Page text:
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2022 World Cup ski races on schedule but will they be the last ones at Lake Louise?

Germany's Thomas Dressen reacts in the finish area following his run in the men's World Cup downhill ski race at Lake Louise, Alta., Saturday, Nov. 30, 2019. (THE CANADIAN PRESS / Jeff McIntosh) Germany's Thomas Dressen reacts in the finish area following his run in the men's World Cup downhill ski race at Lake Louise, Alta., Saturday, Nov. 30, 2019. (THE CANADIAN PRESS / Jeff McIntosh)
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It's all systems go for upcoming men's and women's World Cup downhill and super-G races, for at least one more year.

Beyond that, all bets appear to be off.

That's because after 30 years of hosting World Cup downhill ski races, this could be the final time Albertans get to see the world's fastest ski racers compete in Banff National Park.

The races were first hosted in December 1992, attracting thousands of fans, who came to see the biggest names in the sport including Austrian Hermann "the Herminator" Maier, American superstar Lindsey Vonn, who has a run named after her, and several generations of Canadian ski stars.

Alpine Canada issued a release Friday stating conditions and snowfall are both on schedule for the men's races, which take place Nov.25-27 at Lake Louise.

The women's events take place Dec.2-4 at Lake Louise, before likely moving across the country to Mont-Tremblant, Que. in 2023.

Alpine Canada received conditional approval from skiing's world governing body for women's giant slalom races to be held northwest of Montreal from 2023 to 2025.

Asked by CTV News whether 2022 would be the final men's and women's events held at Lake Louise, Ken Kilroe, chief of media for the Lake Louise Alpine World Cup, said, in an email, "Yes this is partially true. There is no women's speed race in Canada on the FIS calendar for next year. There is a men's race on the calendar for next year but no venue."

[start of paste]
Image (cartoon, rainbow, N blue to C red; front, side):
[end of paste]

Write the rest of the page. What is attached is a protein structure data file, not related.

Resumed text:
Switzerland's Lara Gut skis during the women's Super-G FIS Ski World Cup in Lake Louise, Ab., Sunday, Dec. 4, 2016. (Jonathan Hayward/The Canadian Press)

OVERLAPPING DATES

The women's GS races in Quebec would overlap Alberta's women's downhills on the same weekend, if the latter remains where it is on the calendar.

Alpine Canada CEO Therese Brisson told the Canadian Press in late October that Alpine Canada remains committed to hosting men's speed races in Western Canada.

The International Ski and Snowboard Association (FIS) has yet to release a race itinerary for 2023-24.

"Whether there will be women's speed on the calendar in North America at all is still to be determined," Brisson said. "My priority is definitely to land men's speed in the west."

A published report in Austria said 2022 was the last year for Lake Louise's World Cup races, citing FIS race director Klaus Waldner, although Brisson disputed that statement in her interview with CP.

"It would be premature to say that, for sure," Brisson said. "When I asked resorts who would be interested in hosting a men's World Cup whether it be in early winter in the traditional time-slot, or in February … pleasantly a number of resorts put up their hand and said they were interested.

"Lake Louise is part of that conversation as well."

-With files from The Canadian Press and Glenn Campbell

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